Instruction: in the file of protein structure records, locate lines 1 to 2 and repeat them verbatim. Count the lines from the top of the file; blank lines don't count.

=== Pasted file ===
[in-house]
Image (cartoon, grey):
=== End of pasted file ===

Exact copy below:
[in-house]
Image (cartoon, grey):